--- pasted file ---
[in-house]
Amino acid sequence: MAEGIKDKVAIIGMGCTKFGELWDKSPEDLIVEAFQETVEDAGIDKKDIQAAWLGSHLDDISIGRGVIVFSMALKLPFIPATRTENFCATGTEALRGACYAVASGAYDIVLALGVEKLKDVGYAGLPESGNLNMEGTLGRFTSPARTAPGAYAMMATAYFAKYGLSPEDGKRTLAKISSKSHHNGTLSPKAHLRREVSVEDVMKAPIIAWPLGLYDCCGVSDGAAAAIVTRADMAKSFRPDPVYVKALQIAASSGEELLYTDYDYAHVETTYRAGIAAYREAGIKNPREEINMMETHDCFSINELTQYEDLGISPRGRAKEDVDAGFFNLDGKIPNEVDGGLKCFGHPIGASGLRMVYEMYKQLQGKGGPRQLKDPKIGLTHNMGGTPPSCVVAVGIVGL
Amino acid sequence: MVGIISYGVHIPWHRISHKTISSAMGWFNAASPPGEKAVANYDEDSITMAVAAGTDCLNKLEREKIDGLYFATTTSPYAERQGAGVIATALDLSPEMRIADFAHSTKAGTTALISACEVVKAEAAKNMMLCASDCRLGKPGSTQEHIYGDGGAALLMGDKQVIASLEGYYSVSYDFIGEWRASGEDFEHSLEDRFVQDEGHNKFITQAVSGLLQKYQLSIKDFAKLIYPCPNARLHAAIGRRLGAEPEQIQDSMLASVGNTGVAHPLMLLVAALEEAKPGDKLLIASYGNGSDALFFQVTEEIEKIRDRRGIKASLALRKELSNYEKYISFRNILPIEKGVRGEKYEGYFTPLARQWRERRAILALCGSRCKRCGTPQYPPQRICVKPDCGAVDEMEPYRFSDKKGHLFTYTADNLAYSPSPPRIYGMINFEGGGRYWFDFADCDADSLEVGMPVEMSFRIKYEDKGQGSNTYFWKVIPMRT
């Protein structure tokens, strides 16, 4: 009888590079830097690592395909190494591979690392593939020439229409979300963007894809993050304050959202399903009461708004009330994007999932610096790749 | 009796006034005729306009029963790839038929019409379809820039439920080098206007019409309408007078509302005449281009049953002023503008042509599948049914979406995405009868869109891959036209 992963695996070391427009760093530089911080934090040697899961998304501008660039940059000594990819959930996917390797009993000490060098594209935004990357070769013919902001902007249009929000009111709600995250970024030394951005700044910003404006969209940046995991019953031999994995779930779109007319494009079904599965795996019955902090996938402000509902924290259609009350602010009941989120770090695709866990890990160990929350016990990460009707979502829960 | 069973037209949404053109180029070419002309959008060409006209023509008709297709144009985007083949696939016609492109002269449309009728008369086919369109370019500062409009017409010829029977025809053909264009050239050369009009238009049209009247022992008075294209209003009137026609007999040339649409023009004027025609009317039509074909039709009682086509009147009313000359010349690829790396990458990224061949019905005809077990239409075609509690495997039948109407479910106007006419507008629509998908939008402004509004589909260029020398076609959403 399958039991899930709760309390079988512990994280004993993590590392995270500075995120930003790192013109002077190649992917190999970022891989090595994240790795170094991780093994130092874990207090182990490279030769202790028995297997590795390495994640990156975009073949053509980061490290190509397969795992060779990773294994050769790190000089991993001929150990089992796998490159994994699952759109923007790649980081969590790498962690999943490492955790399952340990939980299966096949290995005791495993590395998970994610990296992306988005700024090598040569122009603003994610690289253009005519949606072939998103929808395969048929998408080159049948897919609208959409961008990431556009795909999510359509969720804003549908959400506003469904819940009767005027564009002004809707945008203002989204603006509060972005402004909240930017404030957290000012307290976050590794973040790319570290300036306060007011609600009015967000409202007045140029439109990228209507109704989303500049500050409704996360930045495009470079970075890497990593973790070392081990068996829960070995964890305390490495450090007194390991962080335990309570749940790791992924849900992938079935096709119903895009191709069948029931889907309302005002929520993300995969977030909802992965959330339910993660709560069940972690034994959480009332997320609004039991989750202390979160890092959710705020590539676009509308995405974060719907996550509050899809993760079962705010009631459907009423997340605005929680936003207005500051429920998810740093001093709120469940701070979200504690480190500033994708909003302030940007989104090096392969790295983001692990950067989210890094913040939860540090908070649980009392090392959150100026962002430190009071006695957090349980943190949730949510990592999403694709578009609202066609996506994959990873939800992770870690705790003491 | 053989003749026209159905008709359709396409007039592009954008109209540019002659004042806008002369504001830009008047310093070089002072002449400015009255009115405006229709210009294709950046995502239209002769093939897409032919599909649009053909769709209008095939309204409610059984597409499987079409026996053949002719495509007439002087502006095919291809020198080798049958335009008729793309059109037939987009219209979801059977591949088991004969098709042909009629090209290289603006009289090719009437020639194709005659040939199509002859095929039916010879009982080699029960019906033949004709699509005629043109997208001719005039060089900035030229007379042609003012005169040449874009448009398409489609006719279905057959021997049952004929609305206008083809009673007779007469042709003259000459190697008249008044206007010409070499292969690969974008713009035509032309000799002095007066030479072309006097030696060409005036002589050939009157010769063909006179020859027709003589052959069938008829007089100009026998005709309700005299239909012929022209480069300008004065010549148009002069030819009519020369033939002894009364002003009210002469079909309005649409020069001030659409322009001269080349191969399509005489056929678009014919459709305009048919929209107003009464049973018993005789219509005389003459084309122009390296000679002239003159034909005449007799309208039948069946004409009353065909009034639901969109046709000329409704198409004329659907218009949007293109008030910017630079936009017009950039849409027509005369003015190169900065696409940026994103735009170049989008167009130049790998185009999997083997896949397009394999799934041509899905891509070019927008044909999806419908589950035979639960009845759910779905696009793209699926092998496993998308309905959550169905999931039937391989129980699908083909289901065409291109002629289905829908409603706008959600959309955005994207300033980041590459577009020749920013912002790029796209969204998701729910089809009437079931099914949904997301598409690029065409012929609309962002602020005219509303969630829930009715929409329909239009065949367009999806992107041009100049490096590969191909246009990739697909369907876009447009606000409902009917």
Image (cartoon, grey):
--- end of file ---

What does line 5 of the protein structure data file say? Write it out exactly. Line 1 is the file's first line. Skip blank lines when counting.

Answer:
Image (cartoon, grey):